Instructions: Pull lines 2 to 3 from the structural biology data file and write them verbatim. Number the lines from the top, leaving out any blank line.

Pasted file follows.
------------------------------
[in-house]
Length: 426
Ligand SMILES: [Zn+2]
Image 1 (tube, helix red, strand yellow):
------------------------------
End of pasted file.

Length: 426
Ligand SMILES: [Zn+2]